When the proposal to move the WTC from the East Side to the Lower West side became public in 1962, the shop owners at Radio Row could possibly not imagine what lay ahead of them. Radio Row was not merely business for the shop merchants who owned stores, it was their livelihoods – for some, generations of a past stretching back to the 1920s – and the WTC took that away from these small businessmen and their families.
One of the advantages that Tobin and the Rockefellers took into consideration when moving the location to West Side was that there were no residential buildings there, and therefore less people would be affected. They were wrong. Over 30,000 people who worked in more than 1000 offices and raised a yearly revenue of $300 million, were destroyed (Glantz and Lipton). Radio Row’s spirit as a hub for hundreds of commercial enterprises, however, would remain long lasting well into the future as Rockefeller envisioned a “Lower Manhattan as a world center of international commerce, finance and maritime trade.”
The Battle of Radio Row
Oscar Nadel, came from a family of Eastern European Jews and lived in the Lower East Side. He opened his first shop, “Oscars Radio Shop”, in 1925, a year before TV was invented. He was known as the king of Cortlandt Street and the whole area of Radio Row meant everything to him. He refused to give in to the political powers behind the WTC and there was no way he would allow his shop to be demolished. The Port Authority planned to raze the whole area especially Washington, West Broadway, Fulton, Dey, Cortlandt and Greenwich street, and that meant the end of Radio Row. Therefore, to oppose this proposal, Nadel with the other merchants formed a Downtown West Small Business Survival Committee, which stood up to Tobin for its rights (Steinhardt).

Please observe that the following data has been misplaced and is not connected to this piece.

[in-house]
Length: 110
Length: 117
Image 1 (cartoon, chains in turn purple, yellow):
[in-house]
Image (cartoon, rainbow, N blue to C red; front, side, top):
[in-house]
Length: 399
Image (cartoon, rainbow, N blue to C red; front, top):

The Committee staged several protests and championed slogans such as:
“HERE LIES MR. SMALL BUSINESS MAN. DONT LET THE P.A. BURY HIM”
The protests gained much media attention. Nadel believed that the Port Authority had no right to evacuate businessmen for a real estate project and he was willing to go to any extent for his rights. In 1962, Tobin offered Nadel a spot for a radio shop in the World Trade Center, but Nadel turned the offer down. He wanted Radio Row, not the World Trade Center. On April 4, 1963 the court decided the Port Authority had the right to evacuate merchants from the area since the World Trade Center was intended for public purposes. On March 26, 1966, the wrecking ball arrived. The Port Authority (PA) offered each business a settlement of $3,000 (Pitzke). Nadel had lost and that was the end of Radio Row.